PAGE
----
What is reflective loss in litigation claims? When and how are the claims of shareholders, company creditors, etc affected by reflective loss? Chris Hall looks at a recent case study in New York and explores the issue.
What is reflective loss?
To put in the most simple of terms, it is a loss suffered as a result of a reduction in the value of a party’s interest in a company. The rule against reflective loss prohibits a party that has suffered such a loss from claiming directly against the party that has caused that loss. The theory being that it is the company that should bring such a claim.
The case study
“(T)he most blatant effort to hinder, delay and defraud a creditor this Court has ever seen.”
This is how Mr Sevilleja’s actions were described by a judge in New York. However, out of his actions has come a highly significant judgment in which the Supreme Court has held that the rule against reflective loss does not apply to a company’s creditors.
Mr Sevilleja owned, and was in control of, two companies which he used to trade in foreign exchange that were registered in the British Virgin Islands. Marex Financial Ltd provided the trading service to those companies and, back in 2013, obtained judgment against them in the UK for money owed in excess of $5.5m plus costs in excess of £1.6m.
On 19th July 2013, the Judge in the case handed both parties a draft copy of his judgment, however that judgment was not handed down straight away. Mr Savilleja took the opportunity to transfer around $9.5m from the accounts of those companies to accounts under his own personal control. By the end of August 2013, the companies had little more than $4,000 between their accounts, certainly not enough to pay the judgment that Marex had obtained.
The companies were placed into liquidation in the BVI with alleged debts of over $30m, although Marex was the only creditor which was not associated with Mr Sevilleja. Marex Financial alleged that the liquidation was effectively on hold and that no steps had been taken to investigate the companies’ missing funds.
Marex brought a claim against Mr Sevilleja for inducing or procuring the violation of its rights under the judgment it had obtained, as well as for intentionally causing it to suffer a loss by unlawful means. Mr Sevilleja argued that the claim was barred by the reflective loss principle (although he conceded that this argument did not extend to the costs that had been incurred in trying to obtain payment further to the judgment).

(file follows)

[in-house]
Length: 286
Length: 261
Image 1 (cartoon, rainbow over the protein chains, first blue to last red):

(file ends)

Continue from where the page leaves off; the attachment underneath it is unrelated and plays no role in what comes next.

The reflective loss principle is that a diminution in the valuation of a shareholding, or in distributions to shareholders, which is the result of loss caused to the company by a wrong done to it by a third party is not damage which is separate or distinct from damage suffered by the company. This would therefore not be recoverable by the shareholder. It had been suggested in previous case law that this principle extended to claims by creditors.
The Supreme Court unanimously found in favour of Marex. Lord Reed gave the leading judgment, and expressed the majority view that the rule against reflective loss set out in Prudential Assurance Co Ltd v Newman Industries (No 2)  1 All ER 354 is a rule of company law.
It is based on the rule in Foss v Harbottle (1843) 67 ER 189 which essentially provides that the company, rather than its shareholders, is the proper claimant in respect of a wrong done to that company. Lord Reed said it was necessary to distinguish between two types of cases:
- cases where claims were brought by shareholders in respect of a loss they had suffered in the form of a diminution in the value of their shares or distributions, which was a loss sustained by the company in respect of which it had a claim against the wrongdoer; and
- cases where claims were brought by shareholders or anyone else in respect of a loss which did not fall within the first type of case, but where the company had a claim in respect of substantially the same loss.
In the first type of case, he said that only the company had a claim. But in the second type of case, it was possible for shareholders, creditors and others to also have a claim.
Lord Sales, in the minority judgment, said that the reasoning in the case of Johnson v Gore Wood  1 All ER 481, which suggested that the reflective loss principle also covered claims by creditors, ought not to be followed. This was because it was an endorsement of the reflective loss principle which debarred shareholders from recovering a personal loss which was different to the loss suffered by the company. He said that it was not helpful to speak in terms of the loss of the shareholders in their personal capacity as ‘reflecting’ the loss of the company because those losses were not in fact the same. There was not necessarily any direct correlation between them nor was did they necessarily correspond with one another.
Lord Sales said that if shareholders had a cause of action against a third party who had caused them loss in their capacity as shareholders, they should be able to pursue a claim. He acknowledged that it was a matter of basic justice that the third party should not be liable twice for the same loss, but he said that the risk of double-recovery could be addressed according to the circumstances of each case.
So, what do we take away from this judgment? Well, two things really:
- company creditors will not be adversely affected by the reflective loss principle when advancing parallel claims against company directors; and
- the position of shareholders that want to bring a claim against a director (or any other wrongdoer) is now less clear following Lord Sales’ minority view. Whereas previously such a claim would have been summarily dismissed, it may now be allowed to proceed to trial.
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